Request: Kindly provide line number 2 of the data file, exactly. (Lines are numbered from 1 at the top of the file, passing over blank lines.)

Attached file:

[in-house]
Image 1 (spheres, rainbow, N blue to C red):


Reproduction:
Image 1 (spheres, rainbow, N blue to C red):